Business Secretary Vince Cable told the Daily Telegraph's undercover reporters that he could use the "nuclear option" by leaving government - and bringing the coalition down, if pushed too far by the Conservatives.
It was embarrassing for him to see those comments in print this morning.
But it was what the Telegraph had not printed that became more damaging.
When he spoke about Rupert Murdoch, he set off a ticking time bomb which the BBC detonated today - and which now means he is far less able to press the nuclear button in future.
A great believer in his own abilities, around Westminster it was felt that Mr Cable had flown too close to The Sun.
As business secretary, he was supposed to put party political considerations aside when deciding on takeovers.
Yet he, unprompted, told journalists posing as members of the public that he had declared war on Rupert Murdoch, one of the global giants of the media industry, and the man who once employed David Cameron's director of communications Andy Coulson.
Now he has effectively been demoted -stripped of his powers over media regulation. These have gone to a Conservative secretary of state who is less likely to compare his relations with the Murdoch empire to a military struggle.
But he keeps responsibility for higher education - the portfolio which gave him so many problems with his party's grassroots - and some of his fellow MPs.
The Telegraph's original expose had already weakened his standing.
He had said some aspects of the coalition's policies were out of control, like a Maoist revolution.
But in a show of unity just before Mr Cable's latest comments were made public, David Cameron and Nick Clegg argued that the coalition was a Great Leap Forward for British politics, achieving a speed and scale of reform not possible had the two parties soldiered on separately.
David Cameron did not even rule out a non-aggression pact at the next election, saying the Tories and Lib Dems would have a shared record to defend.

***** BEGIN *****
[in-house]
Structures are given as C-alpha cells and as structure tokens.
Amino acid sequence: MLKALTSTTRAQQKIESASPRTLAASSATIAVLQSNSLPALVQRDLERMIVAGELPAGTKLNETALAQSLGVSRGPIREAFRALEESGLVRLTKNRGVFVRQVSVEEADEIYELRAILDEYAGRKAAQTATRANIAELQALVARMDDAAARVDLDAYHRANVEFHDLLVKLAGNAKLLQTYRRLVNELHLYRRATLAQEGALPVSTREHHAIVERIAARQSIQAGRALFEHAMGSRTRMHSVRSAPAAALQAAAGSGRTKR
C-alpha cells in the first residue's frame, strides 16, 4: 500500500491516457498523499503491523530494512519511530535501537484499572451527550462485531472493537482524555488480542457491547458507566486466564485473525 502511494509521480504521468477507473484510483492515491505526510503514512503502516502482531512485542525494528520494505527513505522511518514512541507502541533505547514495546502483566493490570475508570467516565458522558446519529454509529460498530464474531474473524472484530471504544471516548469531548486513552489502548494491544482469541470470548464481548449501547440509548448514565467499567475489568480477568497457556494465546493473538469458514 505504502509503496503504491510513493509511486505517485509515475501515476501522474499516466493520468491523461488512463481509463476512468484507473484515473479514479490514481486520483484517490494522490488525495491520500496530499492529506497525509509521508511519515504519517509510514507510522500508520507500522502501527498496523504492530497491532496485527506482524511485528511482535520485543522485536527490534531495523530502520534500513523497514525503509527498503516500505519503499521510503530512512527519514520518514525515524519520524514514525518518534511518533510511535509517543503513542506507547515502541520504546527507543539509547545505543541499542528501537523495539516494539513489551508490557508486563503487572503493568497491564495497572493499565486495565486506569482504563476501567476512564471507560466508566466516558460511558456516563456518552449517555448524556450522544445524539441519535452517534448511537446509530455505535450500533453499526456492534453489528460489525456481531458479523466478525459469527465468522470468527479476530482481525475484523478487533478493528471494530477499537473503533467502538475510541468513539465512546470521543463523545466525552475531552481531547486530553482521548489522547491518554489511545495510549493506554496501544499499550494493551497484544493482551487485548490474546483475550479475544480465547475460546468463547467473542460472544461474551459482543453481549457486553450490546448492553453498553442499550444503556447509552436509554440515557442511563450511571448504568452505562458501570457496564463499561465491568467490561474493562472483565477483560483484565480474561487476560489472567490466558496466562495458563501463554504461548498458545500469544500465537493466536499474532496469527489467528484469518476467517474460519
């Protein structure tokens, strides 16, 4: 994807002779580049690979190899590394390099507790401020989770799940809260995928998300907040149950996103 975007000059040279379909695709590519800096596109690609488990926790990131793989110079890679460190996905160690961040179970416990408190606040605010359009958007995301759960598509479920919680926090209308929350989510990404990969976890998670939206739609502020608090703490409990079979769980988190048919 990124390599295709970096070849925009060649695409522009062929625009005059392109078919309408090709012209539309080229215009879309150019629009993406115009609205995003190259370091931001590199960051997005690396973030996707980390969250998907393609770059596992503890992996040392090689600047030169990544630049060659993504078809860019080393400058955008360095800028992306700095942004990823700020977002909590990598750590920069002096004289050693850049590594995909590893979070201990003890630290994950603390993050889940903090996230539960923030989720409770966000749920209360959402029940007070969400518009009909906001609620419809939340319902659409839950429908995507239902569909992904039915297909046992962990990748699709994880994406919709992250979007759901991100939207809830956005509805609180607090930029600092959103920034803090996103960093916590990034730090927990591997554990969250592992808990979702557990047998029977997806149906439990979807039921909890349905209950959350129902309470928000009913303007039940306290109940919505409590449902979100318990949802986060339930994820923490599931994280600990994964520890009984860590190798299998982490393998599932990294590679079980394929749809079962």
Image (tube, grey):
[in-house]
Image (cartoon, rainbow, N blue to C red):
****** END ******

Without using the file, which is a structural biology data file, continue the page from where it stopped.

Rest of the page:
And Vince Cable had been subjected by the two leaders to - an albeit extremely mild - version of the opprobrium heaped on counter-revolutionaries during the Cultural Revolution.
He was almost certainly correct at the time when he unwittingly spoke to the Daily Telegraph that he could have brought the coalition down had he voluntarily resigned on a matter of principle.
But once his comments became public, he was soon seen as the author of his own misfortune.
Mr Cable will now be beholden to his party leader - and the prime minister - for retaining any place in the cabinet at all.
So, perversely, the coalition government overall is likely to be strengthened, as it is unlikely he will be able to hold the cabinet to ransom by staging a future, more damaging resignation over - say -banking regulation.
But his weakness must not be overstated, or his influence understated.
Had he been required to resign, he could have been a focal point for grassroots discontent.
Activists who believe too many of their ministers appear to have been sent to a Conservative re-education camp and are not delivering enough for the Lib Dems, would have rallied around someone who lost his job for fighting with Rupert Murdoch, arguing with bankers, and waging a war on some of his Conservative colleagues.
So while any future resignation might not bring the House down, he is still able to inflict damage should he chose to do so.
And David Cameron will hope that by inflicting a degree of humiliation on the business secretary - or minister for tuition fees - he will be able to allay the fears of his own Tory backbenchers that he is too soft on the Lib Dems.
However it is likely that many of them will still feel that "one of their own" would have been dealt with more harshly.